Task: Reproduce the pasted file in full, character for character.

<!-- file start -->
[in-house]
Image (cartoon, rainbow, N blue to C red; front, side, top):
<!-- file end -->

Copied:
[in-house]
Image (cartoon, rainbow, N blue to C red; front, side, top):